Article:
Fetal Hiccups: Why They Occur & When To See Doctor

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Fetal hiccups are normal during pregnancy. However, you may be surprised, confused, or even scared if it is your first time carrying a baby. As the baby grows inside, you will experience several movements such as kicks, rolls, and jabs that become stronger each day. Fetal hiccups are similar movements that are usually not a cause of concern. Continue reading this post as we explain what fetal hiccups are, how to ease them, and when you should see a doctor.

In This Article

What Are Fetal Hiccups?

Baby hiccups in the womb are little movements the diaphragm makes when the baby begins to practice breathing. When the baby inhales, the amniotic fluidiXA transparent, light yellow fluid that protects the fetus from harm enters into the lungs causing the diaphragm to contract, resulting in hiccups (1). They are a normal part of embryonic development and rarely indicate a problem of the umbilical cord or maternal health.

What Does It Feel Like When Your Baby Gets Hiccups In The Womb?

Fetal hiccups feel like repetitive taps or kicks from the baby, which you will experience once or many times a day. They are a series of little rhythmic or jerky movements that show a positive sign of the baby being healthy and active. However, not all women feel baby hiccups, but still, deliver healthy babies (2).

Kourtney Nichole, a mom and blogger, shares her 34-week pregnancy experience. She says, “I love talking about my pregnancy. I love how warm I feel when I tell people how I can feel her little hiccups beneath my belly button or when she hears her father’s voice and starts kicking. It’s almost like she knows it’s him. I love going through this amazing time and sharing it with those around me (i).”

protip_icon Quick fact
Fetal hiccups last for a brief, consistent period before disappearing, as in babies and adults (10).

Why Do Babies Get Hiccups In The Womb?

Fetal hiccups show signs of prenatal development in the womb. The reasons behind the occurrence of baby hiccups are as follows (3) (4):

  1. Contractions in the diaphragm are the major contributing factors for baby hiccups in the womb. As the fetus sucks in the amniotic fluid, the diaphragm contracts leading to hiccup effect. David A Kaufman, MD, a neonatologistiXA health professional specialized in providing care for newborns from Charlottesville, Virginia, says, “As the placentaiXA temporary organ formed in pregnancy that clings to the uterus and supplies the developing fetus with nutrients and oxygen is doing the breathing (oxygen and carbon dioxide exchange) for the baby, the fetal breathing occurs about six times per minute and is important for lung development.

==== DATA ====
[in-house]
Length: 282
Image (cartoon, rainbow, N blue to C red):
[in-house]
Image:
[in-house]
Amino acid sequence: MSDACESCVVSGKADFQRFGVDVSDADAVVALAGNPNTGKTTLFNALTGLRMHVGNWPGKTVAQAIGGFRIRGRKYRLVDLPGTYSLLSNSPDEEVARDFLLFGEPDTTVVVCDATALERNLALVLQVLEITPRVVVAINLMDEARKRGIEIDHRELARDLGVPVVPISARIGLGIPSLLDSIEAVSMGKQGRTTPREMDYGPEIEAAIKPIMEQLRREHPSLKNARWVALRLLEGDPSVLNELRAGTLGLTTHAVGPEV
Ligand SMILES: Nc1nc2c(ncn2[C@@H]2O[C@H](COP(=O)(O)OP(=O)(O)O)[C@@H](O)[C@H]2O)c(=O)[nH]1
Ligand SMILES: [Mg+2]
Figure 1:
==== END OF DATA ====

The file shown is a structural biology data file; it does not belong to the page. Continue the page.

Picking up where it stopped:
“Since fetal breathing is due to the contraction of the diaphragm and rib muscles, the baby can have hiccups. These are the same as a hiccup in any infant, child, or adult: a more forceful, rhythmic, and involuntary contraction of the diaphragm!”
  1. Development of reflexes, where the fetus is trying to suck fingers or thumb may also result in hiccups.
  1. Brain finds it necessary to practice reflux when swallowing food or expelling wastes that might also lead to fetal hiccups. It is a healthy process by which it strengthens the heart muscles and respiration.
  2. Cord compression could also cause hiccups when the umbilical cord winds along the fetal neck, limiting the oxygen flow (5).

When Are Fetal Hiccups Common?

Fetal hiccups are stronger after nine weeks
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Image: S: iStock

You will feel the hiccups at the end of the second trimester. They become stronger in the third trimester. This is usually after nine weeks of pregnancy when the arms and legs start developing (6). Hiccups will not be felt with the same intensity as the pregnancy progresses, and their frequency tends to reduce as you get closer to labor.

If hiccups aggravate during three to four weeks nearing the due date, it could be an umbilical cordiXIt is a tube-like structure that connects the fetus to the placenta and allows the flow of oxygen and nutrients issue that needs doctor’s attention.

How To Ease The Baby’s Hiccups?

Although baby hiccups are perfectly normal, they could be annoying sometimes. They may even distract you or disturb you, preventing uninterrupted sleep. The following measures can help to tackle the discomfort.

  • Take a walk when you feel the rhythmic movements of the hiccups. It will shift the baby’s position and relax the diaphragm. This could even make the baby sleep.
Walking may ease the fetal hiccups by relaxing the diaphragm
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Image: Shutterstock

  • Have more water as hiccups could also develop when you are low on fluid levels.
  • Consume a light snack or meal containing protein. It helps your body relax and helps your baby sleep.
Consuming a light snack helps the body relax
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Image: S: iStock

  • Do not hold your breath to get rid of hiccups, as it could be dangerous for the baby.

protip_icon Quick tip
Lying on the left side helps you sleep comfortably in the later stages of pregnancy and improves blood circulation for the placenta and the baby (11).